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Plant of the Week: Acalypha hispida; Chenille Plant

I love a good mystery. Spotting a chenille plant (Acalypha hispida) growing in a flowerbed on the Fayetteville Square, I decided I needed to know more about this old friend. But the Internet, while awash with generalities, didn’t give me the information I wanted. Where did it come from, and how did it end up in a flowerbed in Fayetteville?

Acalypha hispida Chenille Plant

The Acalyphas, with over 450 species scattered around the tropics throughout the world, is the largest genus of the spurge family. They vary greatly in form but chenille plant, and the other common species grown as an ornamental, copperleaf (A. wilkesiana), are tender woody shrubs.

In frost free areas chenille plant grows to 12 feet tall and wide, but mostly we see it in pots under 3 feet tall or in flowerbeds where it may reach 5 feet before cold weather arrives. It has large (to 6 inches long), alternate, simple but serrate leaves. The name Acalypha used by Linnaeus was taken from the Greek name Hippocrates used to describe a nettle; the epitaph hispida translates from Latin as scratchy. The sap of Acalypha is clear, not milky as in many euphorbs.

Chenille plant is dioecious with either male or female plants. Only the female form is cultivated because male flowers are not very showy. The flowers consist of long drooping catkins growing from 6-18 inches long covered with short, scarlet fuzzy flowers. The catkins are produced from the leaf nodes and can appear at any season so long as it is warm enough, which means night temperatures need to be above 60⁰F. Because only females are grown, seeding does not occur.

From the internet we learn that chenille plant is native to the southwestern Pacific from New Guinea to Malesia. It was first described in N. L. Burman’s 1768 Flora Indica but seems to have been little grown outside of botanical gardens until the end of the 19th century. Then, at the 1898 Ghent Floralies flower show in Belgium, the gardening public was introduced to a newly discovered plant called A. sanderi, which L. H. Bailey described as “the leading novelty in 1899” in his Cyclopedia of American Horticulture published in 1910.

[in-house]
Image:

Several taxonomic websites list this “new plant” as being described in an 1896 edition of Gardeners’ Chronicle, but their citation is wrong. Using my old Bailey book and his cryptic references I was able to trace the plant, with a nice illustration, to the April 23, 1898 Gardeners’ Chronicle (page 248). There the author reports the plant was a Micholitz introduction.

Further sleuthing led me to Wilhelm Micholitz (1854 – 1923), an orchid collector who worked for Henry Sanders (1847 – 1920), the owner of London’s Sanders and Son Nursery that specialized in tropical plants. Micholitz collected in and around New Guinea from 1891-1898. According to the Gardeners’ Chronicle article, he found the especially colorful form of chenille plant we now grow on the Bismarck Archipelago, which is a volcanic arch of islands off the northeastern side of New Guinea.

Early on the plant was called “red hot cat tail” but the French name chenille plant soon won out. Chenille, the name of the fuzzy fabric, is a French name used to describe a fuzzy caterpillar.

Chenille plant is hardy in frost free areas where it is used as a year-round flowering shrub. In most areas it is sold as a spring or fall flowering pot plant that is not associated with any particular holiday. It is also well suited to the flowering border or large container plantings on the patio. It should have full sun, routine fertilization during the growing season to keep new growth coming, and normal watering frequency. It can be kept over as a houseplant but winter temperatures should be kept above 55⁰F and given a sunny position.

For more information about horticulture or to see other Plant of the Week columns, visit Extension’s Website, www.uaex.edu, or contact your county extension agent. The Cooperative Extension Service is part of the U of A Division of Agriculture.

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